The Laramie Project is one of those rare moments in the theater where — if you’re very, very lucky — you see a company catch lightning in a bottle. This piece, under the inspired direction of Clifton Guterman, proves that Theatrical Outfit is that kind of company, producing that kind of moment.
Matthew Shepard was born December 1, 1976, the oldest of two sons to Judy and Dennis Shepard. He died 21 years later after being robbed, beaten, pistol-whipped with a .357 Magnum and lashed tightly to a buck-and-rail fence post on a chilly, windy night near Laramie, Wyoming. (The buck-and-rail is a kinder type of fencing for animals but looks a lot like a torture device.)
The bicyclist who found Matt thought the figure was a scarecrow at first, and only recognized it as human when he saw blond hair. Voluminous amounts of dried blood obscured Matt’s face, skin showing only along two channels cleared by his tears.
Four weeks later, theater maker Moisés Kaufman and members of his New York-based Tectonic Theater Project traveled to Laramie to try to learn the why of such brutality, to determine “how a community writes its own history.” Kaufman was especially interested in what he termed “watershed historical moments,” events that reveal the foundations of society’s beliefs. The Laramie Project (through September 29, in repertory with Our Town) is what grew from conversations that happened during six visits in 18 months.
If the Outfit’s Our Town was excellent — and it was — its Laramie Project is extraordinary. The why lies in the care and specificity with which its 10 actors — Maggie Birgel, Allan Edwards, Michael Hanson, Asia Howard, Curtis Lipsey, Shaun MacLean, Stacy Melich, Mary Lynn Owen, Maria Rodriguez-Sager and Jayson Warner Smith — bring 60-plus characters so vividly to life.
The tsumani of sadness surrounding Matt’s murder is leavened by the humor layered into nearly every Laramie resident we encounter. As with any city small enough to have characters that stand large, they are funny, peculiar, hateful, kind, selfless, reflective, judgmental, forgiving, open and bighearted.
Each performance is imbued with authority. Each actor owns every person he or she portrays. Subtle changes — the putting on or taking off of a hunting cap, knit hat or newsboy cap, a hijab, a red blazer, a judge’s robe or priest’s collar, an accent, the turn of a wrist, the realignment of a shoulder, the deepening of a voice, a stooping posture — delineate who’s who and where we are in the telling of the story.
Among the standouts:
- Smith as no-nonsense Tectonic interviewer Greg Pierotti, Laramie’s gay and fey Jonas Slonaker, compassionate hospital CEO Rulon Stacey and Matt Shepard’s broken father.
- Birgel as Aaron Kriefels, the 19-year-old college student who found Matt and can’t unsee what he’s seen, and lesbian activist Romaine Patterson, one of Matt’s best friends.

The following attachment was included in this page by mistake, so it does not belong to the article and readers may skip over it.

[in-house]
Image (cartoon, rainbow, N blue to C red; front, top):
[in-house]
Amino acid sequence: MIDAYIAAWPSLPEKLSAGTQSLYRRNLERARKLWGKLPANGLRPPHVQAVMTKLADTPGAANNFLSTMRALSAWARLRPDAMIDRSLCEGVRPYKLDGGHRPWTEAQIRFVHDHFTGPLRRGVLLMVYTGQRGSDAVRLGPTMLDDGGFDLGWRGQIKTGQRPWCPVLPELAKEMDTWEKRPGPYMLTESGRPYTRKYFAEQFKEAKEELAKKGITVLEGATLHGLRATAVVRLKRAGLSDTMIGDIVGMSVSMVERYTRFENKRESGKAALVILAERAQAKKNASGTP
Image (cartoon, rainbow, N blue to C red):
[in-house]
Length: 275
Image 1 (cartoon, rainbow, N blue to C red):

- Owen as the 70ish Marge Murray, a woman who shoots from the hip, delights in sharing her opinions and laughs loudly at her own jokes with a vicious and resonant smoker’s cough.
- MacLean as bartender Matt Galloway, sort of relishing his moment in the spotlight, and Jedadiah Schultz, a 19-year-old student into acting who gradually moderates his harsh judgments.
This journey to Laramie soars even higher with the work of set and projections designer Stephanie Busing (note the prairie vistas, the prayerful vigil and the building of a buck-and-rail fence), the music and sound design of Bennett Walton (hear the prairie wind’s lonesome howl, the oppressive cacophony of news reporters) and the lighting by Ben Rawson, which works so well with the other design elements.
The X factor here is director Guterman, who has a specific affinity for Matthew Shepard, as he explained opening night. They are the same age. Both grew up in small towns (Guterman in Iron City, Georgia, population 311). Both are blond, petite, non-athletic and into theater. “Why me?” Guterman asks. “Why am I so lucky? Why did I survive?”
Matt’s father, Dennis, asked other unanswerable questions: “What would he have become? How could he have changed his piece of the world to make it better?”
The last time I left a theater so profoundly moved and grateful was in 1999, after seeing the Broadway production of the Alfred Uhry–Jason Robert Brown musical Parade, about the lynching of Leo Frank. Like The Laramie Project, it wasn’t always easy to watch, but it was an achievement of the highest order, a great piece of art.
If you saw Angels in America at Actor’s Express two seasons ago, you have some idea of the beauty, depth, power and scope of The Laramie Project. Because it’s a true story, perhaps, it cuts even deeper and requires personal reflection.
Theatrical Outfit is dedicated to telling “stories that stir the soul.” It does some mighty stirring with The Laramie Project. And it raises the bar for all future Outfit productions. See it, cherish it and tell your friends.